Sharing the Adventure

Purple Mountains Majesty

We  returned from our 16-day cross-country drive to Montana and Wyoming a couple of weeks ago.  Glacier National Park, Yellowstone National Park and the Grand Teton National Park were so awesome that if I had the talent, I’d write my own song about these national treasures. What is really striking about all three of these national parks is the contrast when driving there.  Sagebrush and what appears to be worthless scrub land suddenly turns into majestic mountains, not unlike a jack-in-the-box popping up.

This was our first vacation in years that I didn’t have a laptop along.  Our laptop can’t handle all the graphics of the modern internet and thus gets hot trying to load it all and shuts down.  We didn’t want to put the money out for a new laptop and wondered with the data plan I have on my phone if it was even necessary.  I pretty much used the laptop in the past to transfer my photos off my cameras but the laptop can’t handle all the HD video I take so it was left home. I bought an extra 16G memory card for the camcorder and extra batteries so I wouldn’t have to worry about transferring the photos off until we got home.  Besides, after reading all the literature, there was no internet (so I couldn’t use the laptop for that,) cell phone service or TV where we were going. What if someone needed to get a hold of us because of an emergency?  The lodging in the national parks we stayed at didn’t give telephone numbers for the actual hotels online, just reservation telephone numbers.  I guess they didn’t want to be bothered.  I left a day to day itinerary with family members to know exactly where we would be on any given day, just in case.  I warned them that they wouldn’t being hearing from us for days at a time  because of the lack of cell phone service and internet.

It turns out the information was partially wrong.  There was no TV or WiFi or ethernet internet but there were many places that we did get cell phone service which meant I did have internet through the cell phone.  In Glacier we had great signals at most of the ranger welcome centers we went to.  I took advantage and uploaded photos to Facebook and sent emails, checked the news and weather, called my sons, and felt connected.  In Yellowstone, Mammoth Hotel had cell-phone service as did Old Faithful Inn area.  I started to get service around the Thumb area in Yellowstone.  There was no service at the Lake Yellowstone Hotel, though, nor the Canyon Lodge area.  We heard a guy complaining to the Canyon area ranger that there was no cell phone service and he read that they were suppose to have service in the area within 2 years (which was up.)  I guess something went wrong.  I didn’t think we would get ANY service while we were there so I was happy being able to drive a few miles and get cell service when we wanted to.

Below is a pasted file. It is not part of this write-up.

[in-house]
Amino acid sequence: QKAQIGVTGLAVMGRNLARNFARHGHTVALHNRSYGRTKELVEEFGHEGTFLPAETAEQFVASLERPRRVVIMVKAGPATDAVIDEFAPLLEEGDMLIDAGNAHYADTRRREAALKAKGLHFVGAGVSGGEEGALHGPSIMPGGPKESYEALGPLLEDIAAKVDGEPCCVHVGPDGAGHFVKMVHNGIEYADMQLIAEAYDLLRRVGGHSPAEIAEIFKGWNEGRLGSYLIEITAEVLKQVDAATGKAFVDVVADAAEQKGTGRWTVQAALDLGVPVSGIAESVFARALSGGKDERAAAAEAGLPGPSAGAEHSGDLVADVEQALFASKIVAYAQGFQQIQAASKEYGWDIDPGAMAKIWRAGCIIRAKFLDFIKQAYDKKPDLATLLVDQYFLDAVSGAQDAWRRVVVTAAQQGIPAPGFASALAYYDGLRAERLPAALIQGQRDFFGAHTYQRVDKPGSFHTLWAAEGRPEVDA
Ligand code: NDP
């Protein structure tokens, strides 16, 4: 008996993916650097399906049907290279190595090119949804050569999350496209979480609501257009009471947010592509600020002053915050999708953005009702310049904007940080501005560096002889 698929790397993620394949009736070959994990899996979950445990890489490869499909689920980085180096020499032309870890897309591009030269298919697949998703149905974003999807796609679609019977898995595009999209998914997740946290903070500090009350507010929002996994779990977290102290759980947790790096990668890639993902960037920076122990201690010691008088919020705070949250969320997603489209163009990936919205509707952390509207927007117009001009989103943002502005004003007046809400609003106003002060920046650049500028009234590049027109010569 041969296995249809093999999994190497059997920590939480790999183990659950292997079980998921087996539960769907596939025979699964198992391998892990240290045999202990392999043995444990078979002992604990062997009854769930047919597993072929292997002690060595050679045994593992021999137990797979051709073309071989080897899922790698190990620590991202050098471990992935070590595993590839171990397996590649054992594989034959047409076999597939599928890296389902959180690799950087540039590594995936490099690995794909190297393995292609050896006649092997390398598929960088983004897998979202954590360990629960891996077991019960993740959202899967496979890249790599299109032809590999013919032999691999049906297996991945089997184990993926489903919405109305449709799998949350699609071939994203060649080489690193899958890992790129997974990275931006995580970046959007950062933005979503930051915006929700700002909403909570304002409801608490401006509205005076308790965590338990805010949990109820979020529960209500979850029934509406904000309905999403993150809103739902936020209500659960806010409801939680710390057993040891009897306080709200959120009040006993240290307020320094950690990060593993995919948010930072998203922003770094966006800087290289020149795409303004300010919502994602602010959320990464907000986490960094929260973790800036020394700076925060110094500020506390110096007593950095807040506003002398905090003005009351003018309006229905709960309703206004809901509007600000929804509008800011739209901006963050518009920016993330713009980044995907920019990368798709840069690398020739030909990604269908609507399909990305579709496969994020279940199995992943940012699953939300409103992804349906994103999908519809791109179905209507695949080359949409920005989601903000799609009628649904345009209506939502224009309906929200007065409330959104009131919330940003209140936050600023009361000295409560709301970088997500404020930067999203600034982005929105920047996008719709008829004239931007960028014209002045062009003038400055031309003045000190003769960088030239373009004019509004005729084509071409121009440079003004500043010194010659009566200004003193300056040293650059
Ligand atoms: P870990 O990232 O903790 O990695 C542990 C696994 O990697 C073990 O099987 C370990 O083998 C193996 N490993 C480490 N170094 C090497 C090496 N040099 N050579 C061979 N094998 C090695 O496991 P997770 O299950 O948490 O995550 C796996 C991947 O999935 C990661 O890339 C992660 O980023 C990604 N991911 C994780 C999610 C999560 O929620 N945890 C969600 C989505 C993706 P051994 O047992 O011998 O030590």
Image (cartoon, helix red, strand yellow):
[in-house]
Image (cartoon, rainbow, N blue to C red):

I did find out that there is some use for transferring your photos to a laptop while on vacation.  Even though I had plenty of memory left on my memory cards when we got home, I transferred them to the computer and realized that a whole lot of the snapshots taken with the camcorder didn’t turn out very well.  I had it set on a scene setting that whited out a lot of the background.  Had I transferred the photos day to day while on vacation, I would have known to change the setting back to automatic.  The thumbnail view you see on the camcorder makes everything look pretty good when it is that small.

I’ll be posting photos and videos in the coming weeks.

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